> > permit elements of UP(x,R) to be coercible to POLY R where
> > the main variable is coerced into the variable using the
> > identifier x. ...
>
> I don't think that this is the case since we can obtain the
> same result above using:
>
> (1/x)$MPOLY([x],FRAC POLY INT)*x
> %::FRAC MPOLY([x],POLY INT)
>
I am trying to explain the coercion using UP(x,R) as a generic representative.
Sure, you can violate the rule of construction using any of the polynomial
domains in Axiom. The short answer is, any indeterminate you use in the
construction of a polynomial domain is transcendental over the coefficient
domain and should NOT be coercible to the coefficient domain! I am saying, the
above design goal is flawed in illegal constructions like these, but makes sense
in the legal construction
coerce: UP(x,R) -> POLY R
when R does not contain x (and it shouldn't contain x, and if it does, wrongly,
in concept, then x should not be instantiated there).
> > Here R IS FRAC POLY INT, and UP(x, FRAC POLY INT) is first
> > coerced into FRAC UP(x, POLY INT) and then further to
> > FRAC POLY INT via UP(x, POLY INT) to POLY INT (from map
> > from FRAC2(UP(x, POLY INT),POLY INT)
>
> Apparently on the first coercion is sufficient. Moving the
> fraction from the coefficient domain to become a fraction
> of polynomials:
>
> UP(x, FRAC POLY INT) +-> FRAC UP(x, POLY INT)
>
> provides a domain in which the two uses of x can cancel.
You are missing the point.
I don't care how the Interpreter performs the illegal coercion (except that I
was trying to explain the design goal that leads to the illegal coercion). The
coercion is simply WRONG. Period. It is an error built on a user error. (Don't
we know that compilers are famous for that when reporting error messages?) In
such cases, a user is supposed to remove the original error, not argue about the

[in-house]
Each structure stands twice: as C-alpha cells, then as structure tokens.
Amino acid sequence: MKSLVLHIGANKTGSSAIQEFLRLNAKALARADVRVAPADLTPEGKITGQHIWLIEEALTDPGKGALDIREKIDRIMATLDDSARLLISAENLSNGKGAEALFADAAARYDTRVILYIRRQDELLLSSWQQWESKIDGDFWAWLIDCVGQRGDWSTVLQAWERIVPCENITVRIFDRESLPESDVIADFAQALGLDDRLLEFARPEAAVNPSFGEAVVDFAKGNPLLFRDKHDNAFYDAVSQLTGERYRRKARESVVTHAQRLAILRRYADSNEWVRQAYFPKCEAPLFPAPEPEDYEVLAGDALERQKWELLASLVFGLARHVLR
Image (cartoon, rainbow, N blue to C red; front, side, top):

validity or invalidity of subsequent errors.
> In fact we can see this same coercion in operation in the
> case of going from:
>
> POLY FRAC INT +-> FRAC POLY INT
>
> (1) -> (1/2*x)$UP(x, FRAC INT)
>
> 1
> (1) - x
> 2
> Type: UnivariatePolynomial(x,Fraction Integer)
>
> (2) -> )set message bottom on
> (2) -> %::FRAC UP(x,INT)
>
[additonal output snipped]
These are legal coercions since mathematically, POLY FRAC INT is a subring of
FRAC POLY INT and similarly, UP(x, FRAC INT) is a subring of FRAC UP(x, INT).
The design goal I mentioned above is NOT involved. If you had taken x/2 in FRAC
POLY INT or in POLY FRAC INT and coerce this to UP(x, FRAC INT), then the design
goal is applied and the Interpreter (not the compiler) will oblige by
identifying the
the variable x of POLY FRAC INT with the main variable ? of UP(x, FRAC INT)
because the user used the identifier x for ?. This feat is accomplished only
with the help of UP2(x,POLY FRAC INT,x,FRAC INT), which explicitly maps the x in
POLY FRAC INT to the x (or ?) of UP(x, FRAC INT). It is equivalent to a
substitution map. There is no general coercion from POLY FRAC INT to UP(x, FRAC
INT).
> > Conclusion: (i) Any simplification of towers which makes
> > sense in mathematics probably would not make sense in
> > computer algebra (due to scope problems for one). Other
> > examples could be FRAC FRAC INT to FRAC INT and EXPR EXPR
> > INT to EXPR INT.
>
> I don't understand this comment. What do you mean by
> "scope problems"?
When one constructs POLY POLY INT, one tells Axiom to use Symbol as the variable
set over POLY INT. Thus the Symbol in the outer construction should be in a
different lexicon scope so that this COPY of Symbol can be a family of
algebraically independent elements over POLY INT. I don't want to go into the
details of how domains are constructed (I probably don't know anyway), but IF we
modify whatever will be used as symbols in POLY INT by attaching a context
prefix, say POLYINT-x for what we normally use x, then we can distinguish
another symbol x in this COPY for the external POLY construction by using
POLYPOLYINT-x. Apparently, the Interpreter allows a substitution of
POLYPOLYINT-x by POLYINT-x, giving the user the impression that the two are
identified, and this is the flaw I was discussing. The Interpreter should not do